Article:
Stigma and discrimination are still prominent features of the life situation of persons with mental illness, adding to the burden of the illness, causing a lowered self-esteem, quality of life and affecting possibilities of adequate housing and work. It is also a major barrier to help seeking. The deinstitutionalization of mental health services has led to a significant increase in contacts between the police and persons with mental illness. It has been argued that police officers should be provided education and training to enable them to interact adaptively and with good outcomes with people with mental illness. The present study is investigating the effectiveness of an anti-stigma intervention in a basic police officer training programme at a university in Sweden.
The study was performed as a controlled pre-post intervention study using a comparison group, and a 6-month follow-up of the intervention group. Attitudes, mental health literacy and intentional behaviour were assessed. Main analyses were made on an intention to treat basis using repeated measures ANOVA. A total of 120 participants at a basic police officer training programme were included.
Time by group analyses showed improvements in the intervention group in overall score of attitudes and regarding the subscale Open minded and pro integration, in intentional behaviour (willingness to work with) and in 4 out of 6 items assessing mental health literacy. At the 6-month follow-up the intervention group had, as compared to baseline, improved attitudes in both overall score and in two of the subscales. Intentional behaviour had also improved in terms of an increased willingness to live or work with a person with mental health problems. Mental health literacy had improved in 3 out of 6 items.
The anti-stigma intervention proved to be effective in changing attitudes, mental health literacy and intentional behaviour. Improvements mainly endured at the 6-month follow-up. The intervention seems promising in facilitating encounters between the police and persons with mental illness. Further studies are needed to disentangle the relative effectiveness of the components of the intervention before further implementation.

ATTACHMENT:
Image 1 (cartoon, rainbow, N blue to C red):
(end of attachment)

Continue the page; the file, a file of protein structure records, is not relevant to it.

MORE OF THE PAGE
Background Evidence suggests that mental health literacy among the public is low, and stigmatizing attitudes are widespread. So far the effects of anti-stigma campaigns are small, and studies demonstrate that negative attitudes have been quite stable through recent decades. Aims To investigate the relationships between mental health literacy, experience of mental illness and stigmatizing attitudes/social distance towards people with depression or psychosis. Methods A cross-sectional study in which staff members from public services in Sweden (n?=?1027) completed questionnaires covering demographic data, self-reported experience of mental illness, identification of a vignette for depression or psychosis, beliefs about helpful interventions for the illness presented in the vignette, and attitudes and social distance towards people with the illness. Results About 50% of participants could identify depression and less than 40% psychosis. A higher degree of mental health literacy was related to less stigma and social distance but mainly towards people with depression. A similar relationship was shown for having personal or family experience of mental illness and attitudes/social distance. Negative attitudes and social distance were significantly higher in all aspects measured towards a person with psychosis than a person with depression. Conclusions A higher degree of mental health literacy relates to more positive attitudes and less desire for social distance towards people with depression. The differences between depression and psychosis should be taken into account in anti-stigma interventions.